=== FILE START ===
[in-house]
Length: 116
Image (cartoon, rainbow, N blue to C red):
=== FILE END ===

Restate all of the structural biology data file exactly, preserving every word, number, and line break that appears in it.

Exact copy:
[in-house]
Length: 116
Image (cartoon, rainbow, N blue to C red):